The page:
Hispanic mothers put convenience at the top of the list when it comes to grocery shopping. That is what five moms—Tricia, Naomi, Wendy, Grace and Connie—think about first when deciding where to shop.
Carlos Viramontes moderated a panel consisting of these five Hispanic moms on March 6 at the Mexican American Grocers Association (MAGA) Too Big To Fail conference, held March 5-7 in Palm Springs, Calif.
The moms, who were from Maywood, Downey, Compton, Huntington Park and Los Angeles, were asked where they shop for food. Their responses included Northgate, El Tapatio Markets, Superior Grocers, Stater Bros., Food 4 Less, Albertsons, Fresh & Easy, Ralphs, Sam’s Club and Costco.
When they are looking for meat for a special occasion or recipe, local Hispanic markets sometimes win out, but at least one said she likes chain stores for large or family-sized packages of meats. Northgate got high marks for its bakery.
A close second when it comes to choosing a grocery store is which has the best sales and deals for a particular week. Each woman said she looks at advertisements searching for good sales, and a couple use coupons. One doesn’t have a smartphone so she likes paper coupons, while another said she used her computer at home to load coupons onto her Ralphs rewards card. Two said they often forget to take their paper coupons with them.
Nearly all of the panelists look at a circular and make a list before going to the grocery store. One shops when she’s out for other reasons, so she goes to a store that is close by. One, Wendy, has a routine: she goes over the specials on Tuesday and goes to the market on Wednesday. But she keeps her list in her head.
Fresh produce and meat are important factors, too. The moms say they are looking for quality, variety and the best price. One said she specifically checks the store first for cleanliness, including the appearance of its employees.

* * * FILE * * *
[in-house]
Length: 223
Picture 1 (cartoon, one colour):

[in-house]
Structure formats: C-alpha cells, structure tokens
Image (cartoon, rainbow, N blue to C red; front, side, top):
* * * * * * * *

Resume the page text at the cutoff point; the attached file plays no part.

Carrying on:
While each of the mothers said convenience is a key factor when choosing a store, they also said that it is paramount when deciding on dinner, too. A couple of the women said they find themselves picking up meals to go when their family schedules are hectic.
“We live busy lives, so when it’s already made it’s really convenient,” one said.
Another said her market has a kitchen where they cook meals on Saturdays and Sundays.
“When you’re in there, they entice you and you’re hungry. You tend to shop more,” she said.
They look to grocery stores to help them because being short on time and making sure they have the right ingredients for a quick, easy meal are daily challenges. One said she tried to cook more at home because it is cheaper and healthier, but it can be difficult to have the time. A few of the five panelists said they try to cook enough dinner to have leftovers for lunches.
They also talked about celebrations and holidays. One mom said her family is always looking for a reason to celebrate, and there are plenty of occasions: birthday, baptisms, graduations, baby showers and when visitors come from Mexico as well as “Football Sunday,” one said.
Another said, “We pretty much celebrate anything.”
That includes both traditional Hispanic and American holidays, including El Dia de los Muertos (The Day of the Dead) and Halloween, as well as July 4th and Sept. 16, which is the day Mexico celebrates its independence from Spain. Mother’s Day is always May 10 in Mexico, so some families celebrate it on that date and also on the second Sunday in May as is customary in the U.S.
Their television viewing habits also are an American-Mexican mixture. A couple of the panelists said they love novellas on Spanish television as well as shows on ABC Family, in addition to watching “lots of sports.” One professed her love for the Los Angeles Lakers.
Their concerns are universal: the economy, providing for their families, their children’s education and the price of gas and other necessities, as well as hoping their children will be able to find good jobs and make it on their own (and possibly one day help their mother out, one said).